3. Sensing the Ocean: The thalassopolitics of liquid ethnography
    Charmaine Chua

    The world’s oceans transport over 90% of world trade by value, and have long been extraordinary sites of both violent extraction and contestation, and cosmopolitan exchange. Yet, oceanic spaces have largely slipped out of focus in studies of world politics, too often relegated to the spaces that lie beyond territory, rather than that which constitutes and challenges its stability. This presentation uses multimedia representations of the sea – a video and sound project and collaborations with two visual artists, Mari Batashevski and Gabby Miller – to call into question conceptions of geopolitics that privilege telluric phenomena over the maritime. Drawing from the author’s 2014 fieldwork on board a container ship traveling from Los Angeles to Taipei, this presentation invites workshop participants to ‘sense’ the ocean as a vivid, felt space of politics, inviting them to consider how sea-based forms of life offer a “thalassopolitical” spatial imaginary of transpacific crossings that privilege a politics of solidarity over territory.


  4. Painting for Palm: A film about Art and Resistance, Memory and Aboriginality
    Charlotte Epstein

    Palm Island is a stunningly beautiful Great Barrier Reef island and Australia’s second largest aboriginal community. It was established as a penal settlement for aboriginals in 1914 and was the experiment for what would become the apartheid regime in South Africa.

    This film follows a group of four ‘untraditional’ aboriginal artists, Vernon Ah Khee, Judy Watson, Gordon Hookey and Richard Bell, for whom Palm has become both a powerful motive and motif in their art, following the events that have unfolded on the island over the last decade: In 2004, the young Mulrunji was arrested as he ambled home from fishing, for singing a song, ‘Who let the dogs out’. Within half and hour of being ushered into the police station, Mulrunji was dead. The impact of the injuries on his body was found to be equivalent to him having been hit by a truck. In 2007, and for the first time in Australia’s history, an officer of the law was prosecuted for killing an aboriginal in custody. The officer, however, was found not guilty. Instead, another Palm Islander, Lex Wotton, was jailed for ‘instigating’ the uprising that was triggered by the coroner’s report being read out to the community on the market square.

    The film explores the relationships between art and resistance and the role that art can play in helping a community find its voice. It is about the place of art in ‘the process of processing’ a traumatic history. It begins by mapping the recent events on Palm island onto a long history of repression and a system of indentured servitude through which the island, and Australia, were built, using original interviews with Palm Island elders and historians; a rich archival footage documenting life on the island throughout the century; and court materials from the 2004-2007 trial.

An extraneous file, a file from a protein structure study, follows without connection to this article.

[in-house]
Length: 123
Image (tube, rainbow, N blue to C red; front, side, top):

The film’s topic, however, is the power of art to break this cycle of repetition and the never-ending return of the repressed. It considers how art stepped in where the law fell short to prevent this miscarriage of justice from being, once again, buried away. In reaction to the events these four artists held a collective, multi-media exhibition at the Milani Gallery in Brisbane in 2008 entitled ‘Palm’, a piece of which was purchased by the Tate Modern in 2016. The film follows the artists as they make art and reflect on the relations between their practices and the aboriginal history they hail from. It reconstructs through, their recollections, the run-up to the exhibition. The film ends on two parallel events in the realm of arts and of the law. The former is the installation of Vernon Ah Khee’s Tall Man at the Tate Modern in London. It thus follows the arrival of a piece on resistance and the enduring effects of colonization, created by a former colonial subject, to the heart of the former British Empire. In the realm of the law, it follows the successful outcome of the recent class action lawsuit led by Lex Wotton. In 2016 the Australian Supreme Court determined that the Queensland government was guilty of ‘systematic, institutionalised racism’ and Lex was duly compensated. Memory and the transformative power of art are at the heart of this film.


  5. The Smell of Hope: The Sensorium of post-eastern bloc nostalgia
    Penny M. Von Eschen